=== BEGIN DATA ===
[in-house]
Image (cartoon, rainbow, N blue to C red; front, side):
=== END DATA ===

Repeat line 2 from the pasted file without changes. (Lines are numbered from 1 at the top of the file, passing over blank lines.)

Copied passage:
Image (cartoon, rainbow, N blue to C red; front, side):